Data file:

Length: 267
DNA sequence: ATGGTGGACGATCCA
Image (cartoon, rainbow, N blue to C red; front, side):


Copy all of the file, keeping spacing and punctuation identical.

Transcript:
Length: 267
DNA sequence: ATGGTGGACGATCCA
Image (cartoon, rainbow, N blue to C red; front, side):